On market forces in higher education

The media coverage of my paper for HEPI Fairer Funding: the case for a graduate levy has been widespread and the reactions surprisingly favourable. While there haven’t been many people getting out the bunting and ticker tape, many people seem to agree that it is an interesting proposal and it is right and timely to address the question of employer contributions to the cost of higher education. 

The most common complaint, however, appears to be to deny that market forces have any place in higher education. One tweet read:

You’ve made the fundamental mistake of assuming that market forces can be made to operate efficiently in HE. There’s no evidence of that at all.

(I won’t name the author (although you can find it on Twitter), because I haven’t asked his permission to quote him and his only right of reply will be in the comments below or back on Twitter).

Market forces exist whether we like it or not. It is not a choice whether to let them in to higher education. There were market forces even in the days of full grants, no fees and low student numbers. Remember how polytechnics were seen as ‘a lower quality product’? That wasn’t fact. It was market forces – the interplay of demand and supply creating their own ‘truths’.

Only Canute would try to defy market forces in a capitalist economy (which, like it or not, is what we have), but that doesn’t mean we let those forces decide the market. Market forces are amoral. It is the way we set up the rules of the market that imprints our values on them.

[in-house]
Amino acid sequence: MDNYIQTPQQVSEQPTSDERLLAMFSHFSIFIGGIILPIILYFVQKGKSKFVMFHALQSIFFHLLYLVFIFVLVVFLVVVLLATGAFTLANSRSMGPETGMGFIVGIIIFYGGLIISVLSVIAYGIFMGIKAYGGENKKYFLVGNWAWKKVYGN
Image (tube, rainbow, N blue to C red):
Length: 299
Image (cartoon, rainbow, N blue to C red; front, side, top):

To talk of market forces operating ‘efficiently’ implies that those forces know what they’re doing. They don’t. They are more like the forces of evolution by natural selection, driving changes without mercy or meaning.

We need to supply the mercy and meaning.

At the moment the market in higher education is a fabricated and self-destructive one, setting the interests of students against those of taxpayers and universities, and ignoring how the money actually enters the system. My proposal acknowledges who the ‘customers’ actually are (employers and taxpayers) and values the partnership between unis and students, directing change in the direction we want.

Would my proposal be 100% efficient at delivering the desired outcomes? No, of course not. But it is easier to head in a direction with the tide helping you along than to try to swim against it or to try to plan a course without recognising that the tide is likely to overwhelm your plans.

I’m no neo-liberal, but I like to think I’m economically realistic and, like a sailor who uses the winds but doesn’t control them, I want to steer a course that protects the values of HE that I’m sure most people in society – and particularly in the higher education sector – share.

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